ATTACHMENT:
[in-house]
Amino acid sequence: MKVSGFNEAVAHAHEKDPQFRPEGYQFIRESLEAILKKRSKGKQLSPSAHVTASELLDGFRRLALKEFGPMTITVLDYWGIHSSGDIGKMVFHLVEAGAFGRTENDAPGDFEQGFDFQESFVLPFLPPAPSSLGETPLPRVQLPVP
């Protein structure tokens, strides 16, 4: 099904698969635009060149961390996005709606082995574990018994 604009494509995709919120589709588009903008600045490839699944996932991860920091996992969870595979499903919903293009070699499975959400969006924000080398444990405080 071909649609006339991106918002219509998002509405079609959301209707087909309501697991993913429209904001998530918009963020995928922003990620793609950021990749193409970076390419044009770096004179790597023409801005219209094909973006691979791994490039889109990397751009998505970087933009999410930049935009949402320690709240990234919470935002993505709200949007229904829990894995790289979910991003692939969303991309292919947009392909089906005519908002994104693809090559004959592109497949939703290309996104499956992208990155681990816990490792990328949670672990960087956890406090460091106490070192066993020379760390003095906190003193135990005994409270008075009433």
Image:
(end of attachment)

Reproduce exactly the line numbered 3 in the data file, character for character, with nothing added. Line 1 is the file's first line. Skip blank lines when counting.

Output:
């Protein structure tokens, strides 16, 4: 099904698969635009060149961390996005709606082995574990018994 604009494509995709919120589709588009903008600045490839699944996932991860920091996992969870595979499903919903293009070699499975959400969006924000080398444990405080 071909649609006339991106918002219509998002509405079609959301209707087909309501697991993913429209904001998530918009963020995928922003990620793609950021990749193409970076390419044009770096004179790597023409801005219209094909973006691979791994490039889109990397751009998505970087933009999410930049935009949402320690709240990234919470935002993505709200949007229904829990894995790289979910991003692939969303991309292919947009392909089906005519908002994104693809090559004959592109497949939703290309996104499956992208990155681990816990490792990328949670672990960087956890406090460091106490070192066993020379760390003095906190003193135990005994409270008075009433």